Now, the Indians do have some proven and/or premier hitters in their lineup. While third baseman Jose Ramirez saw his batting average drop in 2018, he traded in some doubles for homers, improved his plate discipline, and was a finalist for the American League Most Valuable Player of the Year Award for a second consecutive year; shortstop Francisco Lindor is the motor that keeps the Indians offense running and is arguably the best player at his position in the sport; second baseman Jason Kipnis hits for power, is a superb fielder, and is capable of playing center field; Santana was an essential source of power to the team’s lineup before leaving in free agency last offseason.

At the same time, the Indians offense is extremely underwhelming considering what it once was, and they will need larger contributions from Martin, Naquin, and catcher Roberto Perez this season. Perhaps Bauers can become more of a contact hitter and play his way into becoming a focal point of their offense, but there is little the Indians can do internally to make up for the premier bats they traded or let walk out the door. It wouldn’t completely heal it, but adding Jones and/or Gonzalez would make their lineup deeper and provide more options for their starting outfield; a high-caliber offense would make the Indians the overwhelming favorites to win the AL Central for a fourth consecutive season.

The Indians starting rotation includes right-handers Corey Kluber, Trevor Bauer, Carlos Carrasco, and Mike Clevinger — who all recorded 200-plus strikeouts in 2018. Kluber is one of the best pitchers in the sport and the Indians ace; Bauer came into his own last season, recording a 2.21 ERA; Carrasco has been a steady force and one of the most reliable right-handers in the sport over the last four seasons; Clevinger has a delivery that can throw off hitters’ timing and was reliable in his first full season starting every fifth day. Plus, Shane Bieber had some encouraging starts in 2018, and an improved version in his second year would give Cleveland, without question, the best starting rotation in the sport.

Outside of re-signing veteran left-hander Oliver Perez to a one-year, $2.5 million deal, the Indians have done little to nothing to bolster a bullpen that was amongst the worst in the sport last season. In fact, they were 25th in MLB in ERA (4.60), 29th in strikeouts (478), and 19th in opponent batting average (.253) while being 30th in innings pitched (463.2) last season.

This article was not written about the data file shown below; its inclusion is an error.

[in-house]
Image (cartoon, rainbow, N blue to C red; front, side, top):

Despite alarming seasons from the two relievers, losing Andrew Miller and Cody Allen to free agency is a major blow to the Indians bullpen given their reliability in years past. Brad Hand and Adam Cimber — whom the Indians acquired before last season’s MLB trade deadline — will need to have All-Star caliber seasons to fill the void created by the departures of Miller and Allen.

The Indians opted to stick to their guns in regards to their pitching staff. Instead, they’ve significantly altered their lineup via trade. Right now this isn’t a team that’s a serious threat to win the AL pennant. Sure, they’re the best team in their division, but the Boston Red Sox, New York Yankees, Tampa Bay Rays, Astros, and arguably the Oakland Athletics are better assembled for a deep playoff run. Heck, maybe you could make a case for the Minnesota Twins being on the Indians tail based on their deep lineup and them being a year removed from winning 85 games.

Realistically, the Indians are a first-round, and, at best, ALCS exit in the 2019 postseason. But they’re committed to their positional core, and could watch Bauer and/or Kluber leave in free agency in the near future; they might as well sign players to deepen their roster and give them a better chance of going on a deep playoff run. At this stage of their careers, that’s likely what Jones and Gonzalez want to embark on anyway.